Many of the interviewees make reference to the difficulties they have faced in coming to the island, in particular the paperwork challenge. Thea refers to them as ‘The Ping Pong Game. Sending you back and forth. “Now bring me another document,” then “No, this is not the right one. I told you to bring something else.” When I realised this is how you play the game, I asked the man for his name. So when I came for the third time and he said “No, you don’t bring the right documents,” I showed him the piece of paper. “You told me this is what we needed and I got what you told me,” and he said, “You didn’t talk to me.” That’s how things work here. It is not what is right and what is wrong. it is who you know.’

But it’s not the endless bureaucracy that connects each story, suggests Annetta. “Instead, I think each story is linked by that feeling of always being outside. Like there’s a group of people who belong and you are not part of that, not part of whatever that community may be, however ambiguous. It’s a feeling that a norm exists, but that you are outside the norm.”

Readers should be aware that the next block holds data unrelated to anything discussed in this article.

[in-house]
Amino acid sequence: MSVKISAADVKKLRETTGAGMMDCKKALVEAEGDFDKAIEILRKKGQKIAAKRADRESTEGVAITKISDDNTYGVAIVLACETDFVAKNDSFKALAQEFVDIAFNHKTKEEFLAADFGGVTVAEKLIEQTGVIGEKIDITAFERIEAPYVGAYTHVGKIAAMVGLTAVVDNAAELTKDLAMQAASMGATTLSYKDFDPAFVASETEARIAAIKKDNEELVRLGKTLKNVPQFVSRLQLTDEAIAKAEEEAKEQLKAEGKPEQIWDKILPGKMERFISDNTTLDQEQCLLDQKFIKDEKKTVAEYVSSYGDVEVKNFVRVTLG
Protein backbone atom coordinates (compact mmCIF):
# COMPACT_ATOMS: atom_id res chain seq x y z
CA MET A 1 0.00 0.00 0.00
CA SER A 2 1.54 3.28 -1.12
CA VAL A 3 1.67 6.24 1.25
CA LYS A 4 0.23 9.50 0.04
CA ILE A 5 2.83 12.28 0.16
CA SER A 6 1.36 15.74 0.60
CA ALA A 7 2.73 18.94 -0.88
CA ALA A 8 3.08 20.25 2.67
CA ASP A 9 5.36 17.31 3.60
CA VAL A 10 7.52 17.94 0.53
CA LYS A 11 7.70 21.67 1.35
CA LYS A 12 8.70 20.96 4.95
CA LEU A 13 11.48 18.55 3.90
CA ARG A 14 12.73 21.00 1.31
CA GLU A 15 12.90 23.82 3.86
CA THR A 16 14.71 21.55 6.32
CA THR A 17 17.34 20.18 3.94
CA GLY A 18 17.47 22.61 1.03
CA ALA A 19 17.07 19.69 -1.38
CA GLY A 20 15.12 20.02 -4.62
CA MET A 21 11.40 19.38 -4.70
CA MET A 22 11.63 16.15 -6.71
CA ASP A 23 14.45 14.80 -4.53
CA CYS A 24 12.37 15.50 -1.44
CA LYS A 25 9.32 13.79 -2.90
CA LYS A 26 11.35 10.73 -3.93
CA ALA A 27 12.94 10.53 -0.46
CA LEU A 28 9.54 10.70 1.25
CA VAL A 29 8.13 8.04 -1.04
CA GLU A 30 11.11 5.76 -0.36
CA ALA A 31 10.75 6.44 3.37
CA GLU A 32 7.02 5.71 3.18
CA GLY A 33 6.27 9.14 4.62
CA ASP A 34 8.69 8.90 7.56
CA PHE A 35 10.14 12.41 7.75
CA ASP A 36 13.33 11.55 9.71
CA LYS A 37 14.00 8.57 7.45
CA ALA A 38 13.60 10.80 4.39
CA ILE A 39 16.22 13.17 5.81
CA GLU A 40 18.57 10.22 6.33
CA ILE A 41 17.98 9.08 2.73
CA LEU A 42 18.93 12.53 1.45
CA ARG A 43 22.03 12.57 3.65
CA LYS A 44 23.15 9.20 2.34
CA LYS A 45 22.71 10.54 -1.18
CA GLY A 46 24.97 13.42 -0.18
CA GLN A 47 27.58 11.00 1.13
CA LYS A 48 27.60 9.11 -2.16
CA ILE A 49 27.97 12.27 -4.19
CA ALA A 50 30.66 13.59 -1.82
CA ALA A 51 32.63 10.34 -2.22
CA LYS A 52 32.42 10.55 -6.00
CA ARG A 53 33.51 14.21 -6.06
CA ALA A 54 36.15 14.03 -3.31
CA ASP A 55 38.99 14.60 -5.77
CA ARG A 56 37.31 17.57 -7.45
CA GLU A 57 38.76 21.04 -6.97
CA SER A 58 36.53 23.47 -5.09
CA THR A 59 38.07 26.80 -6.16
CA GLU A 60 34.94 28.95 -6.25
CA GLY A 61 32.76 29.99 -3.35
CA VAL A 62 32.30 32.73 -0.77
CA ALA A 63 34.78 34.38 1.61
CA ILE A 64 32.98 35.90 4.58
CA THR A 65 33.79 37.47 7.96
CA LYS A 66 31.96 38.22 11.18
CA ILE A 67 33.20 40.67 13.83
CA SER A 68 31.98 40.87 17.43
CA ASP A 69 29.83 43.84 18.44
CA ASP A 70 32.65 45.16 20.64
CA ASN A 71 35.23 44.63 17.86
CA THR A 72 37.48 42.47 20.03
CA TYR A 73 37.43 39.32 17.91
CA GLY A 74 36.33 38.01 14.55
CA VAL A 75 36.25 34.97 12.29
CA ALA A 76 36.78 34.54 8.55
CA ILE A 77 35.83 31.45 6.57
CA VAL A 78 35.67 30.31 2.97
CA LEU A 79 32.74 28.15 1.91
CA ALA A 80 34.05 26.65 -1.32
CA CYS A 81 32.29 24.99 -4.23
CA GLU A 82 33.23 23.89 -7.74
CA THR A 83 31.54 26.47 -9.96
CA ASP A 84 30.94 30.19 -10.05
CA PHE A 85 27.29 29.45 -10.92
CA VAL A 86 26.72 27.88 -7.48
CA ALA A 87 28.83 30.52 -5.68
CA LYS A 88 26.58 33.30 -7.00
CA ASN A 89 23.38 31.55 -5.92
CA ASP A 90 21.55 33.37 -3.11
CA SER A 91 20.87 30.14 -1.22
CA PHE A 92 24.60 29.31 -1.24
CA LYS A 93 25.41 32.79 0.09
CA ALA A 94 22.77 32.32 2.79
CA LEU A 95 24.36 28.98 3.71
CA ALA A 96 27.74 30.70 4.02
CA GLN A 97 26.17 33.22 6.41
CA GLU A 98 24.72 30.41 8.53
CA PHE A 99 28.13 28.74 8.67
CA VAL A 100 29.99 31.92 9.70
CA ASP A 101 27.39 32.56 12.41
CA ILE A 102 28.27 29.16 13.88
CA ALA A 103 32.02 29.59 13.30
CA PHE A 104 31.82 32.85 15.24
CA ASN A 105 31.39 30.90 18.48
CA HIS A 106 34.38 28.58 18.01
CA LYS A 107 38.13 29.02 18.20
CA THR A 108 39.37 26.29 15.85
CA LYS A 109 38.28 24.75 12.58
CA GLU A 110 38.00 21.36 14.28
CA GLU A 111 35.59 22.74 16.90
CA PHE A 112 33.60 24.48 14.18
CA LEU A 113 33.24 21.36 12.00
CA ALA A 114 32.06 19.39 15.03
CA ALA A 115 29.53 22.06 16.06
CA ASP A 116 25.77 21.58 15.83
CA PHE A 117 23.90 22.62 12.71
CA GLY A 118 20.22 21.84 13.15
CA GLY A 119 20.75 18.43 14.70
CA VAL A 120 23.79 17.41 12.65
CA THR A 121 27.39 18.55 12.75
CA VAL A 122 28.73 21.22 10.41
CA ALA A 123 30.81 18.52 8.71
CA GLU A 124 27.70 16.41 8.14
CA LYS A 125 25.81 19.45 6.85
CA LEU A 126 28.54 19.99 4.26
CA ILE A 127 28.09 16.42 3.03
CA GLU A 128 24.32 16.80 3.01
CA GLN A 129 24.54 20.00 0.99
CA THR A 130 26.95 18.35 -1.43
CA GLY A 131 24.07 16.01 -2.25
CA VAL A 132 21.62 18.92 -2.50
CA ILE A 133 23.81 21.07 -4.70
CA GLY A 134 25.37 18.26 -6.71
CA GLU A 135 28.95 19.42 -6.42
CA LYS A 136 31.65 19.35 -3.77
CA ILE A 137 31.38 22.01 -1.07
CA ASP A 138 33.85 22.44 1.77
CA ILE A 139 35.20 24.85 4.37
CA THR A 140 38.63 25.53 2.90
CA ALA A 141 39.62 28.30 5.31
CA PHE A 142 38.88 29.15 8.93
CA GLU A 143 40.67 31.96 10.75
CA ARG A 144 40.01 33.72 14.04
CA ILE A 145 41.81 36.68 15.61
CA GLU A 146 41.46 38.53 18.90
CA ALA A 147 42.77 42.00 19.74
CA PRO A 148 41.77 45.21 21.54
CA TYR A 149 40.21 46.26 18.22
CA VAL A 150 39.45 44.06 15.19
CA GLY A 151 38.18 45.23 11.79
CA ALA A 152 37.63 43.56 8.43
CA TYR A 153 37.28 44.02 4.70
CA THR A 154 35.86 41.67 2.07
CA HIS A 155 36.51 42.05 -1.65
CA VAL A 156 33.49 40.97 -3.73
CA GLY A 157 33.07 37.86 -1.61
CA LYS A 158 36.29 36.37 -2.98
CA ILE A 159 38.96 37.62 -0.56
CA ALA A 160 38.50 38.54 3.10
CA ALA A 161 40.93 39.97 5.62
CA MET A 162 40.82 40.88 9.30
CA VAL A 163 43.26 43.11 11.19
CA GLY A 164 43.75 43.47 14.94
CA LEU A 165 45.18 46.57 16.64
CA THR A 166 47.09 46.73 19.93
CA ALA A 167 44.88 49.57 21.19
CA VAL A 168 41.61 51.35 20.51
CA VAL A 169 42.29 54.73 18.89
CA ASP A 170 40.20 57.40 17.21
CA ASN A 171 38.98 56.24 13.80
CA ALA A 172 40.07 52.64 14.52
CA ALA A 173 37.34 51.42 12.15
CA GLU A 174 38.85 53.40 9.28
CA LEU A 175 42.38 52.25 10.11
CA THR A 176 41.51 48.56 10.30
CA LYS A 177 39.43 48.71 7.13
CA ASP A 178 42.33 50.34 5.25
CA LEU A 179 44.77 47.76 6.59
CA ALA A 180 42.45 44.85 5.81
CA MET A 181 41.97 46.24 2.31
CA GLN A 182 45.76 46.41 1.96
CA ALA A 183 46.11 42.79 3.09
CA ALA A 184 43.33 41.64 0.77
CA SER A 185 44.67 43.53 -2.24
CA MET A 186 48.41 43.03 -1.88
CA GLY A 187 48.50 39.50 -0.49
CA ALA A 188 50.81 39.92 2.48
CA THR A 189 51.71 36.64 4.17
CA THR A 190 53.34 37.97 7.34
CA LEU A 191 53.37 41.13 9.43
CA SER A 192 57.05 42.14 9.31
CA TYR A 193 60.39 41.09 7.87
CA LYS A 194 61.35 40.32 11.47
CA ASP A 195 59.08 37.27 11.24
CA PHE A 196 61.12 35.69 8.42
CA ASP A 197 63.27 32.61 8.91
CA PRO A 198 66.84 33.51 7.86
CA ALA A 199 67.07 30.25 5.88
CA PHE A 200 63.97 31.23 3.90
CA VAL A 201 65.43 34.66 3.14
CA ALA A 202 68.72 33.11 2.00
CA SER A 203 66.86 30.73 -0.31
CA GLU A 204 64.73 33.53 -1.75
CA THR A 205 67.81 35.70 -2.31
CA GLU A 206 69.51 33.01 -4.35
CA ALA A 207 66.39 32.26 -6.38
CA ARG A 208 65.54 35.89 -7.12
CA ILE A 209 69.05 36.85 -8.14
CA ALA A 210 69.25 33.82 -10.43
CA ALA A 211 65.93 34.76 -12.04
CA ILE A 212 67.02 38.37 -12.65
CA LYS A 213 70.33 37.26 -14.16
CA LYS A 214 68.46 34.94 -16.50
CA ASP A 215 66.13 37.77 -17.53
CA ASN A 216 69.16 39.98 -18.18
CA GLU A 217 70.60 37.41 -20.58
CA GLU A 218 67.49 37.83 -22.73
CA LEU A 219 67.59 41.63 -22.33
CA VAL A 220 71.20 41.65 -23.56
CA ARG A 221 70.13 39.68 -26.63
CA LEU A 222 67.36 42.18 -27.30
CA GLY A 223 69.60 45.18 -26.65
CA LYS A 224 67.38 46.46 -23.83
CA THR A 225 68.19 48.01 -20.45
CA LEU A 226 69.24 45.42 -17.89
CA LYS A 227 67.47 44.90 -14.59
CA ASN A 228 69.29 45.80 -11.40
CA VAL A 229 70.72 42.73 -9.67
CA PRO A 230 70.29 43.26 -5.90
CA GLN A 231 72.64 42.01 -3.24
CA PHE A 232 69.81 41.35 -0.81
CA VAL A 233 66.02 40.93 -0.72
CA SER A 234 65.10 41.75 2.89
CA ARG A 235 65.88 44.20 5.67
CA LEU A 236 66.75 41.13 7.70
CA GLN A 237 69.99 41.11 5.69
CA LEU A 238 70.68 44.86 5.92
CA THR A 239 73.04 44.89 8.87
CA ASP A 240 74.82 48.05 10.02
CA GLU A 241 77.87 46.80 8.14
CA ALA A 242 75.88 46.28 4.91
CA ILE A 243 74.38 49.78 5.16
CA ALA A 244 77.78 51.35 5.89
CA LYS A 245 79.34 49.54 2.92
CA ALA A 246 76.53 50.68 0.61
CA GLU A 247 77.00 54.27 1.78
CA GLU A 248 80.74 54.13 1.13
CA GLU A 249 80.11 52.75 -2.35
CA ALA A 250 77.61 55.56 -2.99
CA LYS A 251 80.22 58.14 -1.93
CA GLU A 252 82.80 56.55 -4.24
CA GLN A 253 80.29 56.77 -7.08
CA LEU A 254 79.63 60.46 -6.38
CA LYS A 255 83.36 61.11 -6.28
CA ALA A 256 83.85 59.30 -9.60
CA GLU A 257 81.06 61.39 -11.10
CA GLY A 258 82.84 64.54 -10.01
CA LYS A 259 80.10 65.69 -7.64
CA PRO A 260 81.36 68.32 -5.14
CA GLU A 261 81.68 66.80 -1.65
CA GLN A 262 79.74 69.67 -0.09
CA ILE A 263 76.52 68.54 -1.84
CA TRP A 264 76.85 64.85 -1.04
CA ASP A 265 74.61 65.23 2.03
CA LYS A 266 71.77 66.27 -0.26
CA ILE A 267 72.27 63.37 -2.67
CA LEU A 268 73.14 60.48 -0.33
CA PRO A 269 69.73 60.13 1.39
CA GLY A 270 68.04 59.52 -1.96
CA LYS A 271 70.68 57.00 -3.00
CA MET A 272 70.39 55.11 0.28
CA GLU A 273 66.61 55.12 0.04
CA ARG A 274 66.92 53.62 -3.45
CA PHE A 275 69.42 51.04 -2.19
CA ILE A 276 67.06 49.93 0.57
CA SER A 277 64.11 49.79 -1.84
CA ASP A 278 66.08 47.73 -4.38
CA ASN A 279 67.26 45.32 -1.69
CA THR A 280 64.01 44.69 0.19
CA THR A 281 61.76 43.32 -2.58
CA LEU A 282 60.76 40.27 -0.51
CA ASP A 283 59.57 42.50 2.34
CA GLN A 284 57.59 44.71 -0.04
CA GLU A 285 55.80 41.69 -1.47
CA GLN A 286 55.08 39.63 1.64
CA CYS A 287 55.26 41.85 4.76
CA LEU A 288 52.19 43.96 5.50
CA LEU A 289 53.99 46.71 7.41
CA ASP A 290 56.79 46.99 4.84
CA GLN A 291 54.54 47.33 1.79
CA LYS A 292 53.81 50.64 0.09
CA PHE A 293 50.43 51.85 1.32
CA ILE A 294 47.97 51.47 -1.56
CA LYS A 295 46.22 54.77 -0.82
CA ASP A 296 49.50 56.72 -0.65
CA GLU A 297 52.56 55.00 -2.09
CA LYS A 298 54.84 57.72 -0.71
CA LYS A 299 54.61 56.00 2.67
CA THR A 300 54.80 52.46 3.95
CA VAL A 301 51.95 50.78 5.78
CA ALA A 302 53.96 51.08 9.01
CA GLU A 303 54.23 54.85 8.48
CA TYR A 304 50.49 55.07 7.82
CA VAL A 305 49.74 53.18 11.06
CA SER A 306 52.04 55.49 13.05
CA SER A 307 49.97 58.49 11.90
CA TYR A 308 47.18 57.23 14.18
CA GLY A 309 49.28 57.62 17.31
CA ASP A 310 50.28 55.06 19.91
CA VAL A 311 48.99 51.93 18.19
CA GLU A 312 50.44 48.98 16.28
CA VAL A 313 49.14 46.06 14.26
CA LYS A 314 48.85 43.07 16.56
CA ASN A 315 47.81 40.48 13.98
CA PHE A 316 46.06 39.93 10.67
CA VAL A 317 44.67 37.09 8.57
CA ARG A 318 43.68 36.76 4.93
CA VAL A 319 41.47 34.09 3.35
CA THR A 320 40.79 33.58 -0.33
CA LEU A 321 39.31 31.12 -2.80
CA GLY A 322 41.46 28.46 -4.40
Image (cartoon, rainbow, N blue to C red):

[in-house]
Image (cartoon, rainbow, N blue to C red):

And yet, despite being ‘outside the norm’ many of the people Annetta spoke with have found peace here in Cyprus, as time has turned a strange land into a home. When Nigel arrived from the UK, the first professional black footballer in Cyprus, he admits that he ‘just ate ice cream because it was so hot. For the first five years I didn’t understand anything.’ But over time, his perceptions changed. And as the top goal-scorer for his team, he soon noticed that ‘everywhere I went, someone supported my team or knew me. That’s how they were. I think they loved me. It’s been over 30 years now. They still remember me.’

And Julien, of Greek Lebanese heritage, acknowledges that ‘Cyprus is all I have ever known. I grew up here, my whole life is here. The Cypriot people are very tolerant and accepting of Lebanese people, and there is loyalty from the Lebanese community towards the Greek Cypriots. If I’m not Cypriot, what am I? Here is where I have found a home.’

“What you make of each story really depends on you, the reader,” Annetta concludes. “It’s about how you choose to read each interview. Everything is always changing,” she adds. “And time changes everything. Our past, our memories, are continuously shifting. And this book is an opportunity to rethink how and what we choose to incorporate into our grand narrative of history.”

I Am Cyprus, one feels, is Annetta’s weapon on the battlefield of history; her way of defending those whose stories are rarely heard. She fights, not with swords, but with words. Words worth reading.


I Am Cyprus is available from Armida Publications and from Amazon at a cost of €15

For more information, visit